That is not to say I dislike silly superhero escapades - on the contrary, I can't get enough of them. However, the ratio in Gotham is considerably unbalanced, and often unintentionally leads to laugh out loud moments. Indeed, the more 'out there' concepts of the Batman mythos such as a man who kills people with weather balloons and another who drags a fridge down the street in a screaming Venom rage are greatly appreciated, but they tend to be depicted too over-the-top to actually be taken seriously; the frequent exaggerated performances of side characters do not aid this in the slightest, looking at you Barbara.
It's this that brings the show down a fair amount, in addition to forcing big villain names for the sakes of maintaining viewership. These aren't necessarily always bad, as Jonathan Crane Sr.'s origin episodes showed us, but these anecdotes nearly never play into the main story, which even then is loosely tied together by minor subplots. There was just too much going on, and even by the season's finale there were far too many questions left unanswered. You'll regularly scratch your head at how set pieces are introduced then quickly revoked later in the season, or just not addressed at all.
Perhaps most frustrating is that character development is incredibly sudden, often with little prior warning and, more annoyingly, intentionally fulfilling the needs the narrative structure. This is particularly the case for Edward Nygma and Barbara Kean, who were reduced to a lovestruck puppy and traumatised (and incredibly pestering) self-loather respectively. Similarly, Fish Mooney becomes slowly reduced to simply filling in airtime come the second half of the season, with an initially entertaining performance by Jada Pinkett-Smith degrading into an overconfident heterochromian who's only purpose is to complete Penguin's character arc.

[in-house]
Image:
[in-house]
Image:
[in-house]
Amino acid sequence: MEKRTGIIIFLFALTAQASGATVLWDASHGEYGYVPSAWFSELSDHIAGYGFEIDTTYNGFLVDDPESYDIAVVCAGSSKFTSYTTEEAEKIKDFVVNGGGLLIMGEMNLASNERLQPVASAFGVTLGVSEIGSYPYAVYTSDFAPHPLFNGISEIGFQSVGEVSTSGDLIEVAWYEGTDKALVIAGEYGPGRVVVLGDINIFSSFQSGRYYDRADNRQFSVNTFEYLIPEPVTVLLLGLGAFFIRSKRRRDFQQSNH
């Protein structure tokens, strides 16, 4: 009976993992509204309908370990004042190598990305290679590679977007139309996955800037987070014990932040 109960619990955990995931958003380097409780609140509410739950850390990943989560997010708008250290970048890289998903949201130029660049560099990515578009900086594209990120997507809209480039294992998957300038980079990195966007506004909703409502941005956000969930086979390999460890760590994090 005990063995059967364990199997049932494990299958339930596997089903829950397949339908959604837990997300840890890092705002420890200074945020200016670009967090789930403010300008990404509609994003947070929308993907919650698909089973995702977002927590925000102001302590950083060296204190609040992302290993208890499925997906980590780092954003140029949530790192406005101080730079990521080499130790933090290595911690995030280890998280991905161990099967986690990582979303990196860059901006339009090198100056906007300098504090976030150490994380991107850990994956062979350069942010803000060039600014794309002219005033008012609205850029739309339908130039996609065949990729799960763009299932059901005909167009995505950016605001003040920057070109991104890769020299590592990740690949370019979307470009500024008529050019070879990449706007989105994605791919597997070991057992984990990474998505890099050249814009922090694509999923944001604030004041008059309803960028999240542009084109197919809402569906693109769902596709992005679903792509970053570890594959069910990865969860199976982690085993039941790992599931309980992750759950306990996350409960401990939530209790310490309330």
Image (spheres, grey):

In fact, it's clear to see that the show was forced to take a sudden turn after it was granted extra episodes. Villain rating traps were used to draw in mainstream Batman fans (looking at you 'Jerome'), several key characters such as Renee Montoya and the Mayor are written off the show, and CGI suddenly made it's way into the action. FOX seem to have been puppeteering the writers to meet the demands of the everyday audience, and thus the restriction on artistic freedom is heavily present in later episodes of the season. Not to say the second half of the series is wholly without merit (The Ogre for example turned out to be a surprisingly refreshing original villain); the show just seemed to need to conform to network standards moreso in those episodes.
However, the show can be smart with it's audience, and the writers really do shine when they get to play with their authentic Batman toys. There's blink-and-you'll-miss-it references to classic tales such as The Long Halloween, The Killing Joke, and the aforementioned Year One, not to mention the stellar amount of C list characters the series has included, with Zsasz and Leslie Thompkins having pretty memorable roles. It's a shame then that this is often tossed aside for the sake of forced romances (four to be precise), dragged out 'dramatic' tension and goofy character mannersims.
In conclusion, Gotham is far from becoming a rival to The Flash's outstanding first run, but is also still above the trainwreck of Arrow's third season. Season One is can be best summarised as a board of executives attempt to please what they think mainstream viewers want in a Batman origin anthology, when they should instead be writing a Gotham Central adaptation. Needless to say, the story arcs of this first series are undoubtedly rushed, and we can only hope that the show will see better days when the next chapter continues these characters struggles in the one city that never truly sleeps.